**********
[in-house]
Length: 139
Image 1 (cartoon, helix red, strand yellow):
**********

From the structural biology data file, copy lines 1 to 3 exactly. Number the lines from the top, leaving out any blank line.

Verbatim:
[in-house]
Length: 139
Image 1 (cartoon, helix red, strand yellow):